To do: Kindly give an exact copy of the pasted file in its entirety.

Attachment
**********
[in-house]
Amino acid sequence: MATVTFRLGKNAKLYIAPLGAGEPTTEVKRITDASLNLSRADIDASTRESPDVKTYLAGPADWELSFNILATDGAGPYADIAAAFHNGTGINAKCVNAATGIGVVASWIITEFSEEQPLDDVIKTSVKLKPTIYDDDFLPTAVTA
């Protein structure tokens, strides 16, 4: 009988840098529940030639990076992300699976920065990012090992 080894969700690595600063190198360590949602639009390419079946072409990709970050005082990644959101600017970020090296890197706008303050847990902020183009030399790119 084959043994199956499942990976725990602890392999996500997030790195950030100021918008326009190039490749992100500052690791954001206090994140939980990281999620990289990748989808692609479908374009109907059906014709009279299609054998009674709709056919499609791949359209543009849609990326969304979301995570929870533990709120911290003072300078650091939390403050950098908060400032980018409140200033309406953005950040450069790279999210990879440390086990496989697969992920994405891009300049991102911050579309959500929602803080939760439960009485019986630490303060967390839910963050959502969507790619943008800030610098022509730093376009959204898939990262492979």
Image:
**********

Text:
[in-house]
Amino acid sequence: MATVTFRLGKNAKLYIAPLGAGEPTTEVKRITDASLNLSRADIDASTRESPDVKTYLAGPADWELSFNILATDGAGPYADIAAAFHNGTGINAKCVNAATGIGVVASWIITEFSEEQPLDDVIKTSVKLKPTIYDDDFLPTAVTA
């Protein structure tokens, strides 16, 4: 009988840098529940030639990076992300699976920065990012090992 080894969700690595600063190198360590949602639009390419079946072409990709970050005082990644959101600017970020090296890197706008303050847990902020183009030399790119 084959043994199956499942990976725990602890392999996500997030790195950030100021918008326009190039490749992100500052690791954001206090994140939980990281999620990289990748989808692609479908374009109907059906014709009279299609054998009674709709056919499609791949359209543009849609990326969304979301995570929870533990709120911290003072300078650091939390403050950098908060400032980018409140200033309406953005950040450069790279999210990879440390086990496989697969992920994405891009300049991102911050579309959500929602803080939760439960009485019986630490303060967390839910963050959502969507790619943008800030610098022509730093376009959204898939990262492979």
Image: